Let’s look at each option in turn. Firstly with the proposal to continue to run eastern line trains from Manukau to Papakura or Pukekohe. This option would effective mean that the trains simply “detour” from the main trunk line into Manukau before returning to the trunk line and continuing their journey – much like how the 233 bus along Sandringham Road detours down St Lukes road to the mall before returning to Sandringham Road and continuing its journey. The option is shown below as an edit to the earlier diagram: It’s hard to know exactly how long the detour would take but to be reasonable there’s probably a couple of minutes in, then a couple of minutes for the driver to change ends and then a couple of minutes out – perhaps a six minute detour overall, fairly significant.The other disadvantage of this option is that you potentially end up running more train service south of Manukau than you actually need – because you’re running both southern and eastern line trains (with 6 tph on each) all the way down to Papakura. I’m not entirely sure of the loading profile on Auckland’s trains but it seems that most lines slowly build boardings at they head towards the city (the Western has a couple of blips at New Lynn & Mt Albert due to school kids) with maximum loadings on the eastern between Orakei & Britomart, the southern just south of Newmarket and the western just before Grafton station. Needless to say, we’re unlikely to need 12 trains per hour just north of Papakura.
The other option is to run a shuttle between Papakura/Pukekohe and Manukau. Immediately this seems like probably the more viable of the two options – because post electrification the current plan is to run a shuttle train between Papakura and Pukekohe because the wires are only going as far south as Papakura. Extending the shuttle train north to Manukau would provide a service that makes use of the southern link – something like this:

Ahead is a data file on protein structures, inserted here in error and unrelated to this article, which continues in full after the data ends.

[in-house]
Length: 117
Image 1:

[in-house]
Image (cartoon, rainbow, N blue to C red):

I will get onto analysing the likely cost-effectiveness of extending the shuttle northwards in a minute, but the initial obvious problem with this option is the question of what to do once electrification is extended to Pukekohe – as is currently proposed to occur potentially in the not too distant future. Then we won’t have a diesel shuttle at all – in fact we shouldn’t have any diesel trains on the entire rail network – and therefore this interim solution no longer makes sense and we’re back to either the first option or continuing the shuttle as a duplication of the newly electrified direct service into town. In fact those are pretty much the same thing, come to think of it.